Waimea seniors take a journey into the past

  • Pat Lewi, the Senor Club’s president, plays ground golf with members at Waimea Park March 2 as part of their weekly game. This game was invented in Japan and resembles a sport somewhere between golf and croquet. (LANDRY FULLER/SPECIAL TO WEST HAWAII TODAY)

  • Waimea Seniors Club offers regular activities for adults 55 and older at Lily Yoshimatsu Senior Center, as well as special guest talks and outings throughout the region. The building was originally Waimea’s courthouse. (LANDRY FULLER/SPECIAL TO WEST HAWAII TODAY)

WAIMEA — Waimea Seniors Club has added a new program to educate members, especially new ones, about Waimea and West Hawaii’s unique living history and cultural diversity. The group of residents 55 and older meets at Lily Yoshimatsu Senior Center weekly for educational and recreational activities.

Seniors moving to Waimea from the mainland and other islands, usually to be close to family, are often unfamiliar with the community.

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“Many of our members have come from far and wide, but many of them are from Oahu. A lot of people are moving here because their kids are working here and they live with family members. But they moved into a town and culture they know nothing about,” Pat Lewi said, Waimea Senior Club’s president.

“The dynamics are changing so we started bringing in speakers to share the history of Waimea and the surrounding areas and they have found it so interesting. It makes them appreciate where they live and understand the people and the community,” she added.

One of the first speakers was Billy Bergin, who will be returning to do more talks throughout the year.

“I have members that are part-time residents here from California. After Billy Bergin’s talk, one of them went right to Parker Ranch Store and bought all three volumes of “Loyal to the Land” and Richard Smart’s biography. They were so engrossed in what they were hearing,” Lewi shared.

The island community has a rich history steeped in story that lives on through the words and memories of the kupuna, passed on through the generations with the efforts of storytellers such as Kuulei Keakealani, another guest speaker.

“Kuulei’s presentation began with a panoramic view of the Kohala Mountains and the topography of the hills that are the backdrop of Waimea village. She detailed the significance of each puu and what they represented from ancient Hawaii to present-day Waimea. In between, she related folklore and geographic facts and beliefs about various landmarks. The members responded throughout the presentation with questions and tidbits of their own,” Lewi recalled.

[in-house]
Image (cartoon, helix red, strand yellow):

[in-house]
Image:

Although Keakealani ran out of time, she will be returning at 9:30 a.m. Tuesday to finish her talk. Open exclusively to members, seniors can join the club before or at the time of the talk.

“She left us yearning for more. There is a real desire to learn more about this town’s history,” Lewi said.

Throughout the year, members will be treated to talks on Parker Ranch life and the coastal area known as Kaupulehu.

“For a special excursion we’re going to Kaupulehu, and Kuulei is going to do a special talk about North Kona at the learning center,” Lewi said.

Another guest will be Office of Hawaiian Affairs (OHA) delegate and past state senator, Bobby Lindsey.

“He writes articles in the OHA paper that are fun to read and his human interest stories help spark enthusiasm, so we’ll have him come in to talk about early days in Waimea,” Lewi shared.

Also, Waimea native son, cultural practitioner, musician and composer Kealii Bertelmann will share his stories and music with the seniors.

“We try to bring in people who have contributed in some way to the culture and history of our community,” Lewi said.

In addition to Waimea history, the seniors will travel to historical West Hawaii areas.

“We’re also going to Kona to visit the Kona Living History Farm. We’ll have a guided tour there. We’ll also be going to the Greenwell Museum. They do bread baking and we can see what it was like in the old days,” she added.

On another outing, seniors will travel north.

“We’re going up to Kohala to hear Boyd Bond. When we go up there, we know that’s King Kamehameha country. We’ve already retraced the route where he was born and where he was taken, and now we’re going to carry on with him telling us about Kamehameha and his life,” Lewi said.

Connecting with place and the stories of the land is a way for people to put down roots and connect with each other that perpetuates community aloha.

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“I feel it helps to appreciate the town and each other better,” Lewi concluded.

Info or questions: Call Pat Lewi at 885-4307.